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New parties threaten Canadian unity as they steamroll toward elections

TORONTO — TORONTO -- Two new radical parties, tapping voter anger in this month's Canadian general election campaign, are changing the face of this country's politics and again throwing into question Canada's long-term survival as a federation.

"This could be the greatest constitutional crisis in Canada's history, far greater than anything we have encountered to this point," said Conrad Winn, president of COMPAS Inc., an Ottawa-based polling organization.

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"It's a watershed for sure, the breakdown of the old party system."

One of the new parties is intent on splitting Canada -- a valued U.S. ally and member of both the North Atlantic Treaty Organization and the Group of Seven world financial powers -- into sovereign French and English nations. The other advocates "a new federalism," transferring more power to the provinces.

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Caught between these two devolutionary attitudes are the three main-line federalist parties: the governing Progressive Conservatives, the opposition Liberals, and the minority New Democrats.

They have dominated Canadian politics for decades, sharing only the central conviction that Canada should remain a united, bilingual and multicultural society. Now they are also jointly suffering a backlash from recession-weary voters who go to the polls Oct. 25 tired of "politics as usual" and desperate for new solutions.

The outcome could have a profound effect on the relationship between the United States and its single biggest trading partner. Any split would throw into question Canada's involvement in the proposed North American Free Trade Agreement and its current free trade agreement with the United States.

Separatists strong

Rising from the east is the Bloc Quebecois, the latest in a long line of separatist movements in the French-speaking province. Its central platform is that federalism has failed the French minority and should be jettisoned for Quebec's sovereignty.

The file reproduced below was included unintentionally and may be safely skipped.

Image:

The polls show it will dominate the province, sending as many as 60 new members to the 295-seat federal parliament in Ottawa, where they are likely to be a constant irritant to a system they want to sunder. Even more threatening, the separatists could win power in Quebec's provincial elections next year, giving them the ability to push the issue to crisis point by calling a referendum on sovereignty.

The Bloc's leader, Lucien Bouchard, a former Conservative Cabinet member who quit to found his own party in 1990, said during a campaign debate with the other candidates that splitting Canada was "common sense."

"We have a vision of the country, but there is a country missing in that vision," he added. "That country is Quebec. . . . We are not trying to destroy Canada. It's already done."

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Dale Thomson, professor of political science at McGill University, Montreal, questioned whether the threat of separation was real, noting that support in the province for breaking away had held fairly constant since the 1960s at less than 40 percent and that a previous 1980 referendum on sovereignty was rejected by French-speaking voters.